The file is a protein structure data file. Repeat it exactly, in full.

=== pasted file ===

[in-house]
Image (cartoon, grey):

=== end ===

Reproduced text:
[in-house]
Image (cartoon, grey):